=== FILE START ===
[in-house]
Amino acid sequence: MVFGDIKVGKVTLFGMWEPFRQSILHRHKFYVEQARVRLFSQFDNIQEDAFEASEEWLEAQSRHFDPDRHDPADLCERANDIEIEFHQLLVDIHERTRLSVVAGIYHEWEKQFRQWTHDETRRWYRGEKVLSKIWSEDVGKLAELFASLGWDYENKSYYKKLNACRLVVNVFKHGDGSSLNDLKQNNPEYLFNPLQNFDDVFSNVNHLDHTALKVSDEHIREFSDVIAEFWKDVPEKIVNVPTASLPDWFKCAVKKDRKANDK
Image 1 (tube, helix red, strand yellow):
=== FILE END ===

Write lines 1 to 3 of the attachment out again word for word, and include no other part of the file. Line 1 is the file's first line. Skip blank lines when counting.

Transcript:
[in-house]
Amino acid sequence: MVFGDIKVGKVTLFGMWEPFRQSILHRHKFYVEQARVRLFSQFDNIQEDAFEASEEWLEAQSRHFDPDRHDPADLCERANDIEIEFHQLLVDIHERTRLSVVAGIYHEWEKQFRQWTHDETRRWYRGEKVLSKIWSEDVGKLAELFASLGWDYENKSYYKKLNACRLVVNVFKHGDGSSLNDLKQNNPEYLFNPLQNFDDVFSNVNHLDHTALKVSDEHIREFSDVIAEFWKDVPEKIVNVPTASLPDWFKCAVKKDRKANDK
Image 1 (tube, helix red, strand yellow):